So, kind of embarrassing. Halfway thru the run, my stomach started acting up, and well, guess the fiber I’d been eating all day had finally kicked in! Running is difficult when bowel pressure increases, and I thought I could just continue as is. Twenty-minutes later, we stopped for some spontaneous aerobics and stretching, and jumping up and down in place. OH BOY, there’s movement where there should be none, and, I’m desperate. I had to find something!

So, I found a public restroom, which was basically a little room WITHOUT a door, with a hole in the ground. I proceeded to get into the position, but i realized I was facing the running trail, and joggers were definitely seeing my current state.  Call it shyness, call it performance anxiety, I had to bite the bullet. I just couldn’t continue. I held my own, in so many words :)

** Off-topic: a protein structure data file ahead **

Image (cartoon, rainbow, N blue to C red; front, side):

After the run with the Kenyan Runners: Intense, Wild, Dangerous… exhausted :)

And the evening ended with me cooking dinner for my sis and our friends.. behold the master at work:



And now i’m home, with a pack of frozen ground beef on my knee – hoping i’ll be able to train again in a couple of days. Thanks for reading if you’ve read thus far!

OH!! and a quick note: Egypt is goin to the FINALS of the AFRICA CUP!! Egypt beat Senegal last night 2-1 in the playoffs: YEA BOYEE!!

More to come!